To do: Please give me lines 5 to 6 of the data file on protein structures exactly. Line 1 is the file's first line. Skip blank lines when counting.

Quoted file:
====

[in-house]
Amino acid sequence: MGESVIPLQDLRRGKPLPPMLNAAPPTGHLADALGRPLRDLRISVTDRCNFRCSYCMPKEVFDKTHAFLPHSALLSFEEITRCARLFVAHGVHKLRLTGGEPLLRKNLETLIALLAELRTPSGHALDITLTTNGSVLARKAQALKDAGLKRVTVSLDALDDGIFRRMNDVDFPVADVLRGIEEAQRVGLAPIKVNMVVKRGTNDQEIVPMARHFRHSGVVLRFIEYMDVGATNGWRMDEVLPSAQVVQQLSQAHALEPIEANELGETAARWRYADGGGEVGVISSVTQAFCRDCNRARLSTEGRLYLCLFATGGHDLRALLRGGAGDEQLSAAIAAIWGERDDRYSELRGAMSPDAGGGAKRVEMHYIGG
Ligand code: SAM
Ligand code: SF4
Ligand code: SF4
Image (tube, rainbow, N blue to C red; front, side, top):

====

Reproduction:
Ligand code: SF4
Image (tube, rainbow, N blue to C red; front, side, top):